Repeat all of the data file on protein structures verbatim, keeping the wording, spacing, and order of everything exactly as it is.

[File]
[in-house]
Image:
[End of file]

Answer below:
[in-house]
Image: